Sectors & Technologies
The Netherlands is home to a wide range of highly innovative life sciences and health companies and research organizations.
Top-of-the-bill research institutes -among which are 12 research universities and 82 hospitals- and a number of public-private partnerships between science, industry and government yearly invest some €2 billion in R&D. The Netherlands is the 2nd country in Europe for export and import of medical devices and holds the 8th position worldwide when it comes to patent applications in the field of life sciences and health.
Renown brands like GE, Medtronic, Siemens, Abbott, Philips, Johnson & Johnson mark the Dutch life sciences and health landscape.
Highly innovative med-tech cluster
Brainport Eindhoven is known for its strong cluster in medical technology for which Philips once laid the basis. Nowadays the region houses a number of large companies, state-of-the-art knowledge institutes, highly innovative SME’s, promising start-ups, med-tech suppliers and contract manufacturers.
Moreover, Philips has a large Healthcare Campus in the region and a high amount of fundamental and applied research is done into the field of medical technologies.
What characterises Brainport Eindhoven’s med-tech field is co-creation by companies and knowledge institutes and crosspollination from other sectors because of the region’s unique high tech profile.
Moreover, Brainport Eindhoven excels at combining the expertise of clinicians, academics, and (biomedical) engineers and developing from the perspective of and with end-users.
How Brainport Eindhoven reinforces your business
Ideal place for technology spotting
Brainport Eindhoven is an ideal place for technology spotting because of its many knowledge institutes and promising start-ups in medical technology that perform ground-breaking research.
Excellent region for piloting
Brainport Eindhoven is an ideal region for piloting because of the small-scale, inventiveness, tech-mindedness of inhabitants and high English proficiency of both clinicians as patients.
Top-notch digital infrastructure
Our excellent digital infrastructure makes Brainport Eindhoven highly suited for pilots testing digital solutions.
Developing technological health solutions with experts and patients
We develop technological health solutions with a central position for the end-user, in close cooperation with engineers, physicians, hospitals and patients.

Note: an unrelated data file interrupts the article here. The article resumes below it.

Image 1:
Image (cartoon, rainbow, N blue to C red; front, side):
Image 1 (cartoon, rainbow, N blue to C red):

We help in getting a CE quality label for a global market in a short amount of time
Many high-tech contract manufacturers with a proven track record in health
Large amount of high-tech contract manufacturers with a proven track record in health that help you improve the performance of your technology and products-We help turning medical technology into business
World-class medtech OEM’s, suppliers, knowledge institutes
GTX Medical publishes breakthrough in neurotechnology for treating paralysis
Three patients with chronic paraplegia were able to walk thanks to precise electrical stimulation of their spinal cords via a wireless implant. In a double study published in Nature and Nature Neuroscience. Swiss scientists Grégoire Courtine (EPFL and CHUV/Unil) and Jocelyne Bloch (CHUV/Unil) show that after a few months of training, the patients were able to control previously paralyzed leg muscles, even in the absence of electrical stimulation.
The Eindhoven based startup GTX Medical, co-founded by Sjaak Deckers, Grégoire Courtine and Jocelyne Bloch, will use these findings to develop tailored neurotechnology to turn this rehabilitation paradigm into a treatment available at hospitals and clinics everywhere. “We are building next-generation neurotechnology that will also be tested very early post-injury when the potential for recovery is high and the neuromuscular system has not yet undergone the atrophy that follows chronic paralysis. Our goal is to develop a widely accessible treatment,” says Courtine.
This study, called STIMO (STImulation Movement Overground), establishes a new therapeutic framework to improve recovery from spinal cord injury. All patients involved in the study recovered voluntary control of leg muscles that had been paralyzed for many years. Unlike the findings of two independent studies published recently in the United States on a similar concept, the neurological function was shown to persist beyond training sessions, even when the electrical stimulation was turned off. The STIMO study, led by the Ecole Polytechnique Fédérale de Lausanne (EPFL) and the Lausanne University Hospital (CHUV) in Switzerland, is published in the 1 November 2018 issues of Nature and Nature Neuroscience.
Sectors & Technologies
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